Let me tell you, crossing fingers pays off just fine, thank you very much.

Honest to God, just a few pages in I've been battered by all of the above in addition to an unfortunate stitch in my side and chunk of something lumpy half way down my throat following the Noob-male-UF reader mistake of snorting back a laugh.

Yancey Lazarus just doesn't let up. If he isn't being beaten, shot, lit on fire or driving a knife into your tickle spot with his non-stop self depreciating rants he's running for his life bemoaning all the stupidity leading up his flight.

Will this book hurt? Yep. A lot. You're gonna like it too.

Thank me later.

I received a copy from NetGalley in exchange for my review.

Saturday, 5 November 2016

Review: The Year's Best Science Fiction and Fantasy Novellas 2016



The second volume of Prime Books’ annual anthology series collecting some of the year’s best novella-length science fiction and fantasy. Novellas, longer than short stories but shorter than novels, are a rich rewarding literary form that can fully explore tomorrow’s technology, the far reaches of the future, thought-provoking imaginings, fantastic worlds, and entertaining concepts with all the impact of a short story as well as the detailed depth of a novel. Gathering a wide variety of excellent science fiction and fantasy, this anthology of “short novels” showcases the talents of both established masters and new writers.


***

If you think novellas are snack sized pieces of full-meal novels, be prepared with an empty stomach for this awesome collection.

The 2016 volume of Year's Best Science Fiction and Novellas will leave you unhitching your belt a notch (or three) and you might want to pace yourself for this assortment of dark themes and tight and thorough world building.

Each novella is so well done and dense with well formed plots they have as much action and personality as I'd expect to find in a novel. This gives each of these stories a sense of urgency and completeness we don't always see in this size of works.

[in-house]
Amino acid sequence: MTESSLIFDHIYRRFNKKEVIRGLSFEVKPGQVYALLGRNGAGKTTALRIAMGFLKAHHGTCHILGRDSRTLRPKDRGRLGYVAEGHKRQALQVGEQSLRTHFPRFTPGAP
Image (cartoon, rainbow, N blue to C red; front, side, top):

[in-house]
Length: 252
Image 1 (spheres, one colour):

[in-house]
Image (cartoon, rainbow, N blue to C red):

My absolute favourite character is Maurice in The Bone Swans of Amandale. He's a loyal and sarcastic rat-shifter and in his own way, an adorable and (as you'd expect from a rat) kinda gross anti-hero.

This wide selection of dark novellas is well worth exploring and feels more like a bundle of complete novels than shorter works. I'll be diving in to the 2015 edition and keeping my eye out for the next one.

Highly recommended.

I received my copy from Netgalley.

Friday, 4 November 2016

Review: Jumper's Hope by Carol Van Natta


Reunited lovers must outwit a ruthless government agent, or their rumored deaths will be real this time. 
Two retired elite special forces veterans discover their battles aren't behind them after all. Someone considers them loose ends, and will stop at nothing to erase their knowledge of a secret government project. Their service left them both with wounds that will never heal. Do they still have what it takes to survive? 

Kerzanna Nevarr's elite special forces days of wearing Jumper mech suits and piloting Citizen Protection Services' ships are long gone. The dark legacy of her service forced her to learn to live a quiet life. And she had to do so alone, without the lover who died before her eyes. 

Jess Orowitz, veteran of CPS's secret spy organization, Kameleon Corps, made the mistake of trusting his superiors. He's paid a horrific price—fractured memories, constant headaches, and the death of the only woman he ever loved. Retirement on a quiet farming planet has kept him in an emotional deep freeze, but safe. 

But now, Kerzanna is being hunted for reasons she can’t guess, and even more stunning, the man who helps her escape is Jess, her supposedly dead lover. For Jess, discovering Kerzanna is still alive is only the first of the lies and betrayal he uncovers. 

Worst of all, their hunter is someone with CPS intel and lethal resources. Someone who believes the only obstacles standing in the way of success are one broken-down ex-Jumper and a fractured Kameleon. 

Together, are they strong enough to escape death one more time? 

***


Jumper's Hope, the fourth in Van Natta's Central Galactic Concordance series, keeps a firm grip on the original world building in its predecessors while expanding in to new characters and adventure. I found it delightfully action filled and loaded with surprises I didn't see coming though they made complete sense when the story threw me in to them.